Art will go beyond surface delight to issues of literacy and communication in two community projects with public receptions Thursday.
As Waco artist Marsha Wilson knows, jokes and puns come with the territory: Her art is hot. She’s burning to make more. Her work is smoking.
It’s not just wine stimulating the senses at the Waco Winery Tasting Room and Rooftop Patio, but sound and sight from its small stage.
The Art Center of Waco moved a major step closer to a downtown home this week with the completed purchase of a South Eighth Street property and building.
Art gets an additional tea Saturday as the annual Art on Elm arts festival adds an Elm Tea Fest, complete with an afternoon tea party.
An art talk by a Baylor University painting professor and an exhibit by a group of professional Waco artists bring new touches of visual art to downtown Waco this week.
Time and art entwine in animation, so it should be no surprise that retired television animator Ron Campbell attributes some of his career successes to timing, beginning with the start of his career in the 1950s.
Prints in the Martin Museum of Art’s considerable print collection are getting a new look — a first-time look in public for some — thanks to a class of Baylor University art history students.
Dallas artist Erika Huddleston found Waco Creek continually surprised her in the seven months she painted the stream, disappearing from public view at times, resurfacing in hard concrete channels at others.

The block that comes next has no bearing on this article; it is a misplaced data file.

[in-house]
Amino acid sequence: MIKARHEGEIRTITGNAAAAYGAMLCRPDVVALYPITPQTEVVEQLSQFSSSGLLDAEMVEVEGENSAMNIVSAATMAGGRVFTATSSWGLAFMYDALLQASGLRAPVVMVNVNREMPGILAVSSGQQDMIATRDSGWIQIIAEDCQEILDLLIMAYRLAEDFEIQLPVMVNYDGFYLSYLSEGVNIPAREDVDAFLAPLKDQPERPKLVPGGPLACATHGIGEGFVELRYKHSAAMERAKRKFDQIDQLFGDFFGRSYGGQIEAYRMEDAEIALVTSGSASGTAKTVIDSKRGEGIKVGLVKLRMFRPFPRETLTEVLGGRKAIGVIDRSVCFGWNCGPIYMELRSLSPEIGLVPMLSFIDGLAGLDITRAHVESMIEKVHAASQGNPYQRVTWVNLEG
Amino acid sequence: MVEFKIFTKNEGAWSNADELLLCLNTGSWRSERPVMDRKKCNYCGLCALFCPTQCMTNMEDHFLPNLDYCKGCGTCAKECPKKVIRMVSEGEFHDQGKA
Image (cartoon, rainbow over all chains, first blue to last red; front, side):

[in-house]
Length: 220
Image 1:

If the windows of some downtown Waco storefronts seem artsier than usual this month, it’s intentional, thanks to the second appearance of Central Texas Artists’ Collective “Ekphrasis” art show.
There’s a small gap in the center of a green border painted on the floor that circles the eye-filling ofrenda in the back room of Cultivate 7twelve.
If artwork could get motion sickness, two of the first exhibits at downtown Waco’s Cultivate 7twelve gallery likely could qualify for some Dramamine.
Waco arts organizations learned this month that they’ve been dealt a flush hand in Texas Commission for the Arts program grants: All five organizations applying for project grants had their requests fulfilled.
Texas artist Danville Chadbourne’s latest retrospective — number four and counting — plants a forest of sorts in Baylor University’s Martin Museum of Art.
Downtown Waco’s latest gallery/artspace Cultivate 7twelve opens its exhibition side this month with roughly a dozen local artists showing their works under the theme “Transformation.”
“Arts For All” is the theme for the Arts Fest portion of the annual Waco Cultural Arts Festival, which returns to downtown Waco for its 14th year.
The Art Center of Waco was closed Tuesday after a beam between the basement and first floor failed and caused structural damage.
Visionary artists - and twin brothers - Doug and Mike Starns will talk with arts journalist Jason Kaufman about their career in Thursday's Allbritton Art Institute Biennial Artist Conversation.
Alan Northcutt, director of Waco Friends of Peace/Climate, figures that where black-and-white words fall short, color and images might carry on.
Artists are set to gain two Waco spaces to sell their works in upcoming weeks with the opening of two galleries, one in West Waco, the other in downtown.
At first glance, John McClanahan’s 67 landscapes in the latest exhibit at Baylor University’s Martin Museum of Art look vaguely similar.